Not just on Facebook, follow me on Twitter, connect with me on LinkedIn and like my Pins on Pinterest. It’s the first step in creating a relationship, and when you reach out, I’m likely to follow you back. What’s more, I’ll do a quick check of who you are and I’ll start actively getting to know you and building an image of you through your social media content, which is a great first step towards building a relationship.
I’m thrilled when you retweet, like and share my posts. It lets me know you are paying attention and feel my thoughts are worth repeating. However, if you do it on every post I make - well, that’s a little creepy. It becomes apparent that you are simply engaging to engage and the content is irrelevant.
Sure it’s only the greatest word for me (and all the other Randys out there), but if you want to get your information published in my trade magazine, use my name. A simple “Hello Randy,” will get you a whole lot further than any “Dear Sir or Ma’am”. It also lets me know this isn’t a form letter that was sent to all of my competitors as well. As a side note, the second and third greatest words are “Thank you”. I’ll remember a thank you note from someone the next time they ask me to review and publish their information.
We live in a visual world, and I do want your information: but I also want pictures, videos and quotes from important people. Send over an email with more than text in the copy; I want to see what you're telling me about. Send images that look good and really are worth a thousand words. Images should be sharp with a high-enough resolution to use online and in a print magazine. I can always downsize them for our website. Videos should be short - keep them under 3 minutes and give them a title or headline defining the content.
If you want me to use images, please send them with their proper cutlines. Tell me who or what is in the photo and why it’s important for my readers. If you send me a video, please be sure it is available to be embedded on my website (have it available as a YouTube video with an easy “Share this video” feature). If you add a tracking code to your video, be sure the code doesn’t compromise the embedding features. If it doesn’t load properly the first time, I’ll assume it’s a corrupt file and will make certain I don’t load it, or any of your other information on my website. Please send quotes I can use, and remember to include who gave the quote and what position they hold. You could have the most flattering quote in the world about your facility, but if I don’t know who said it or what their title is, it holds no influence.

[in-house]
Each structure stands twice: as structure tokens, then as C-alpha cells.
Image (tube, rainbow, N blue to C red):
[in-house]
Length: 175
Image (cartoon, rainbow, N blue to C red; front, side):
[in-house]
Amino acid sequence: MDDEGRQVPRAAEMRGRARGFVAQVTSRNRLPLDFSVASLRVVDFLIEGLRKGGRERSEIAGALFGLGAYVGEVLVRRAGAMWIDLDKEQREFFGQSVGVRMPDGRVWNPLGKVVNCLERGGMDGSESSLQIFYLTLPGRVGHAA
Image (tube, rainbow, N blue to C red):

Spelling counts, so does the proper use of terms. Did you mean "you're facility" or was it meant to be "your facility"? Take a few extra minutes before you hit send to review your press release and make certain it represents you and your organization in the best light. Say what you need to in a concise manner. Feel free to use examples and phrases to illustrate your point, but keep in mind that run-on sentences reflect poorly on the facility. If you make it easy for me to cut and paste your content, I’m much more likely to use it.
I want to read about the how and why, not just the what of your news. It's great that your organization changed, but why did it change? Tell me about how a meeting planner wanted to bring in bigger equipment for her trade show and how you now you can handle the super-big XYZ equipment - and send a picture of that equipment in the new space. Have you redone your guest rooms? Tell me about the research done that indicated why you chose to redo the rooms the way you did. Do the colors selected make the guests feel more at home resulting in higher moral and productivity?